Playground Ventures — the VC fund co-founded by Android inventor and former Google exec Andy Rubin that sits alongside an eponymous incubator/startup studio and is making some big bets in areas like artificial intelligence and new generations of hardware– is raising more money. A Form D filed with the SEC notes that Playground Ventures is in the process of adding another $15 million into its coffers. The filing notes that none of the sum has yet to be raised.
Relatively speaking, $15 million a modest figure: since 2015, it looks like the Playground group, which includes the Playground Global incubator and Playground Ventures, has disclosed about $242 million in funding as part of a projected $300 million fundraise, and what appears to be a bigger plan to raise $500 million. We have contacted the company to ask if it can elaborate more on whether this $15 million is one more segment in that wider effort, or if it is for another, different purpose.
Specifically, this latest funding is for “Playground Ventures Affiliates II”. Two previous Playground Ventures filings at the SEC include Playground Ventures, which is from 2015 and covers the $242 million raise; and Playground Ventures II, which dates from November 2016 and is the filing to raise $500 million. We’ll update this as we learn more.
Notably, en route to raising $300 million to date, Playground has picked up a number of strategic backers like Google, HP and Foxconn, which together with others put in $48 million towards the running total.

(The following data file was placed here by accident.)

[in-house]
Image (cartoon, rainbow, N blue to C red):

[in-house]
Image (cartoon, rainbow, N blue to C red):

Why? Everyone likes to back a winning team, and by virtue of Rubin’s experience with Android and Google, and the impressive backgrounds of others on the team (including the creator of QuickTime, the co-creator of Danger, the creator of the first big video codec and many others), Playground has one of the best track records around. And getting involved at the LP level gives these companies a chance to work early on with startups that have the potential to become big.
Up to now, Playground has served as a vehicle for backing some big ideas.
The full portfolio today includes deep linking startup Branch, French high-end audio maker Devialet, driverless tech startup Nauto, the new phone company Essential and more. But not all of them may be flying. Just earlier this week we reported that AR company CastAR appears to have shut down.
In some cases, the companies have been incubated and have Playground’s support and network access in exchange for equity, but no investment. In other cases, Playground has invested.